Que Rico! on Magazine fears closure over lengthy permitting process

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Que Rico! Cuban Cafe, 4200 Magazine St.

The owners of Que Rico! Cuban Cafe on Magazine Street say their restaurant’s future could depend on an alcohol permit. 

Since the pandemic started, the small restaurant has lost 65% of its customers, said Iderlin Donna Carrillo, who owns the business with her husband, Richard Rivera. Last week, they closed temporarily, citing staffing shortages. 

Carrillo and Rivera said they need an alcohol permit to increase sales and profitability during the pandemic but worry they won’t receive approval in time.

“We were rocking and rolling without liquor before the pandemic,” Carrillo said. “But we need it now to survive. People come in, then walk out when they realize we don’t serve cocktails with our meals.”  

Que Rico! Cuban Cafe, a small Havana-inspired café on Magazine and Milan Street, is still achieving a bustling lunch service on Uptown’s restaurant corridor, the owners said, but they fear it’s not enough. They need to attract the dinner crowd and the higher profit margins associated with alcohol.

“I’m worried that if we don’t get a liquor license soon enough, we’ll have to shut down,” Carrillo said. “The permitting decision will make or break our small business. The liquor license would give us the edge to keep us open, keep us fully staffed.”

Although the building is in a HU-B1 zoning district, which permits restaurants to serve alcohol, it is also in the Magazine Street Use Restriction Overlay District — which requires the granting of a conditional use before they can apply for a license.

New Orleans’ permitting process has required the couple to hire attorneys, architects and a permitting consultant to smooth the way to a liquor license, which still has no guarantees, Carrillo said.

The restaurant owners have begun the process that they expect to cost more than $10,000, including the nearly $2,000 price tag for the application to sell wine, beer and hard liquor.  

The restaurant originated in Slidell, where they had a successful run before losing their lease, according to Carrillo. “I got my liquor license in Slidell on my own — without having to pay anyone to represent us,” Carrillo said. “I got it in 45 days and paid less than $2K.”

After having difficulty finding another location across the lake, the couple relocated their business to New Orleans. They opened on Magazine and Milan in 2019, in a corner building that formerly housed the original location of Ignatius Eatery and, later, Saucy’s BBQ.

Those restaurants did not have a liquor license, which would have stayed with the building. So they need to first apply for a conditional use, which involves City Planning Commission review and City Council approval. 

“If we knew this particular building had so many restrictions, we wouldn’t have signed the lease,” Carillo said. 

The location is near Theo’s, Magasin Vietnamese Café, La Petit Grocery, Casamento’s, Saffron NOLA and Shaya, all currently licensed to serve alcohol.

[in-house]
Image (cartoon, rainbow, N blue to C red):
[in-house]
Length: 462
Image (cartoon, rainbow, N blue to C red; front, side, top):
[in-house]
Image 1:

“If the city had told me it was only a two-month wait, I’d feel better about holding on,”  Carrillo said.

Jenna Burke, land-use director for former District B Councilman Jay H. Banks, said eight months is the maximum duration for the process, but she doesn’t think it will take that long. “It will move more quickly than maybe six months, hopefully,” Burke said. “They can’t prioritize anyone over anyone else. That would push someone else back.”

The City Planning Commission, which oversees conditional use requests, is currently understaffed, Burke said, with only 40% of the staff it needs to review and analyze land-use requests, conduct studies and make recommendations.

So far, Carrillo and Rivera are on track and ticking off all the boxes. Following guidelines, they recently held a Neighborhood Participation Program regarding their pending request. “It was a very positive meeting, and the neighbors were very supportive,” Carrillo said.

The couple also approached other neighboring restaurants, who all voiced their support of the restaurant serving alcohol. “All of our neighbors have been great,” Carrillo said. “And we have great customers.” 

Que Rico! markets itself as an authentic Cuban restaurant, the only Cuban restaurant located Uptown. The menu features the famous pressed sandwiches known as Cubanos and dozens of other Cuban foods such as tamals, ropa vieja, fried yuca and entrée dinner platters of the island’s cuisine.

Carrillo, who first learned to cook from her Cuban mother, laments not being allowed to serve mojitos and daiquiris, both traditional cocktails invented in Cuba. The café currently serves alcohol-free mojitos and is BYOB with no cork fee. 

Since Que Rico! Cuban Café Uptown temporarily closed last week due to staffing issues, Carrillo said, they are using the downtime to put the finishing touches on a second location in Slidell. Carrillo said they’re 85% ready with their north shore restaurant.

The restaurateurs hope to reopen on Magazine Street.

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